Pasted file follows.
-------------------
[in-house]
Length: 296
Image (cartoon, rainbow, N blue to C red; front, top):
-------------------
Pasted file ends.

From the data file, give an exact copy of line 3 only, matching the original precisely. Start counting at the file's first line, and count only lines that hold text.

Image (cartoon, rainbow, N blue to C red; front, top):